ST. LOUIS — Outgoing St. Louis Mayor Lyda Krewson, the first woman to serve in the role, in an interview Thursday touted her "calm" leadership through many crises, including the pandemic, plus big investments in the city, while also addressing closely watched relationships with other regional leaders.
On her relationship with St. Louis County Executive Sam Page, who differed with Krewson on some pandemic policies, including restaurant closures over the winter, Krewson emphasized that she regularly spoke with her counterpart. But she also acknowledged tensions.
"I think the pandemic made that especially difficult," she said. "I just had a slightly different approach than he did, what I think was a more balanced approach."
"We did not close our parks. There was never a day that I considered closing our parks, and I knew that he wanted to close parks," Krewson continued. "I thought when you've got a stay-at-home order in place, people needed to at least be able to get out and walk in the parks."
As of Wednesday, the city reported 460 COVID-19 "associated deaths."
Krewson's single term as mayor will end on Tuesday, when Mayor-elect Tishaura Jones will be inaugurated. Krewson, who did not seek re-election, said she had not offered advice to Jones, whom she defeated for the office in 2017. The two met at City Hall last week.
"If she asked me for advice, I'd give it to her, But I'm not going to give her advice that she doesn't ask for," Krewson said. "I'm going to be as helpful as I can."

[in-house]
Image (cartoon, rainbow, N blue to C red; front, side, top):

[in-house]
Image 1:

"I'm rooting hard for her success, because her success is the success of the city," Krewson said, adding that the job's "extremely broad subject matter" makes it "really fun," but also "one of the things that makes the job really challenging."
Crises and victories
She also made the case that she had handled a wave of crises, including protests around the acquittal of police officer Jason Stockley in the shooting death of Anthony Lamar Smith, "in a very civil, calm way that I think helped to deescalate some situations."
Krewson also reflected on failed efforts to merge the city and county, via a plan from Better Together, and explore privatizing the operations of St. Louis Lambert International Airport.
"We shouldn't just keep doing everything the same day after day, year after year," she said. "We ought to be willing to explore new ways of doing things, and both of those subjects fell into that category."
And Krewson listed numerous big investments in the city occurring, at least in part, during her term: the National Geospatial-Intelligence Agency's new headquarters, Major League Soccer stadium, SSM Health Saint Louis University Hospital, redeveloped Union Station and continued growth at the Cortex Innovation District, as well as Square's move downtown. Her office also pointed to tens of thousands of home renovations, in neighborhoods north and south.
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